When Was The First Robot Installed?
On a global level, the first-ever milking robot was installed by Lely in the Netherlands in 1992. The first milking robot installed on a pastured-based system in the U.S. was in New York state in 2007. This paved the way to acceptance on dozens of pasture-based systems throughout the U.S. and Canada.
Are Milking Robots Water And Energy Efficient?
Yes, studies have shown that it uses less than a conventional milking system.
Can Robots Be Installed In My Existing Facility?
Yes, we have been very successful retrofitting existing facilities from tie-stall barns to multiple-barn facilities as long as there is adequate space to install the milking robot, and for cows to enter and exit the milking robot. Many times, the only change in the cow’s world is how she gets milked. She eats, sleeps and socializes in the same environment.
Can You Achieve Labor Savings Or More Flexible Schedules In A Robotic Milking System?
Robots offer a great deal of freedom and flexibility of lifestyles and labor. Labor requirements vary based on management style, herd size and needs. Lely’s goal is help you become more efficient and flexible with labor and your time.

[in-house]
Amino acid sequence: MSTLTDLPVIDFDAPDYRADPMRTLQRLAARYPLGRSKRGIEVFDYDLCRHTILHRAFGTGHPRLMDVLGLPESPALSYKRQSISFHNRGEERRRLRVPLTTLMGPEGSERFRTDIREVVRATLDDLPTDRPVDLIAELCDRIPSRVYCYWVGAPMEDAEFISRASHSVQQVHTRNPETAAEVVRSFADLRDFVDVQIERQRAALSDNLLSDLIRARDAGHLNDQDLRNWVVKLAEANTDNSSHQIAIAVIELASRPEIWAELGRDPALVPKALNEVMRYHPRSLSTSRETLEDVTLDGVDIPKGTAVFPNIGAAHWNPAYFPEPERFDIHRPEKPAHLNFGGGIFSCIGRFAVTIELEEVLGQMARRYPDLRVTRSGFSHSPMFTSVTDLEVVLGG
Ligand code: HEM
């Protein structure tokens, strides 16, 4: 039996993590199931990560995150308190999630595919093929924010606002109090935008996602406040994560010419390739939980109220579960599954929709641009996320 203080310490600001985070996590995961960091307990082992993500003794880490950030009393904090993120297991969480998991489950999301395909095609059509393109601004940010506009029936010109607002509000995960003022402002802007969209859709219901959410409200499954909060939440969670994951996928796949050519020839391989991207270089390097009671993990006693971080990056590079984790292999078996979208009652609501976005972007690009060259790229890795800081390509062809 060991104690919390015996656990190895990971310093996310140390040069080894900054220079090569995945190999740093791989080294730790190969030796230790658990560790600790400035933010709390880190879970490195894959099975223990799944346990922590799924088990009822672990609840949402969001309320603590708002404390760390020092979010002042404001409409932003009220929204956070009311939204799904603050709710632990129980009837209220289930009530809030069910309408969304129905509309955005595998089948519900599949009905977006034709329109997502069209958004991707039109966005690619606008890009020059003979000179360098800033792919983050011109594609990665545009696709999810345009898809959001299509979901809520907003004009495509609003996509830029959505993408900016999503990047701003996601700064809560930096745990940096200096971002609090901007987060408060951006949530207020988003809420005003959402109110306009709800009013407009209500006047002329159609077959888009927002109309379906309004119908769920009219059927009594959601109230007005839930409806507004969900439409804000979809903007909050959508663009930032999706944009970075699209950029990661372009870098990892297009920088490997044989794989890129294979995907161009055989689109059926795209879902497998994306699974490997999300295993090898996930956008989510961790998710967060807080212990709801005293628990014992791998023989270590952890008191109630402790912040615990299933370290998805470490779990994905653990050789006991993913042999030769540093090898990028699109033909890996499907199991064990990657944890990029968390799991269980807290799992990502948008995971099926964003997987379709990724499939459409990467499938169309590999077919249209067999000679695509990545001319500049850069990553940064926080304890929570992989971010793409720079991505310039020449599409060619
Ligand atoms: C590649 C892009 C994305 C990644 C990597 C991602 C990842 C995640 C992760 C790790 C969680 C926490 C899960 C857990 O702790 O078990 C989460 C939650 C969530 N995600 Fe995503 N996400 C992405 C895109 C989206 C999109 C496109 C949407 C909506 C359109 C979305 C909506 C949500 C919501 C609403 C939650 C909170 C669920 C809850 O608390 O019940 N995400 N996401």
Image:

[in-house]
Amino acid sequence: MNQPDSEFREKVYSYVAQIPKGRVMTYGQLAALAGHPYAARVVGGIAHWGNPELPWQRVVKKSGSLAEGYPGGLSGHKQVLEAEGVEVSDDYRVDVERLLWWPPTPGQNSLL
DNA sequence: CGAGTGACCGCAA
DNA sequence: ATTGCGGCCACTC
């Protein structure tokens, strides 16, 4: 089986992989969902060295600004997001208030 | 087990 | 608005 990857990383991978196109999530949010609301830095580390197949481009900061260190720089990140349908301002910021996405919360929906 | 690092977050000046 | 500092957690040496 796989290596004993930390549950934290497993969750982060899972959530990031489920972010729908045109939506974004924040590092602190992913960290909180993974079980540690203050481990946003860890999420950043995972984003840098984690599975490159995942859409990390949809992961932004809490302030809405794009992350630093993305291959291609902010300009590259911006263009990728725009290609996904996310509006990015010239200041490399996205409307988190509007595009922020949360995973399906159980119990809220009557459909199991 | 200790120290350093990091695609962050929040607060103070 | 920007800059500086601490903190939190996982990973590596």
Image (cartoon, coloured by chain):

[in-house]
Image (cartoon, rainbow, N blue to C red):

Can I Transition My Existing Cows To A Robotic Milking System?
Experience shows that with even the most content herds, cows in robotic milking systems become more relaxed and easier to manage. This is due to free-cow traffic systems and cows having the freedom to choose their own milking times. With 24-hour milking, timid cows can avoid higher ranking cows which cause a lot of stress in a herd. This system allows all cows to realize their full potential and offers a stress-free and more natural environment for a cow.
Is Robotic Milking Profitable?
A milking robot will prove a 36% labour saving on a dairy farm throughout the year compared to a conventional milking parlour, according to Teagasc’s John Shorthall. Tipperary, the Teagasc Walsh Fellow said the profitability of the system is dependent on the cost of the conventional parlour.
How Much Does A Robotic Dairy Cost?
Mr Giura said the sums did not stack up when it came to investing in a robot that realistically could milk only 40-50 cows a day, at a cost $350,000-$400,000 (fully installed).
How Many Cows Can A Milking Robot Milk?
Guidelines suggest one unit is sufficient for 65 lower-yielding milkers. However, Holsteins producing 10,000l+/lactation need less pressure and more space. Therefore, stock about 55 cows per robot.
How Does A Robotic Milker Work?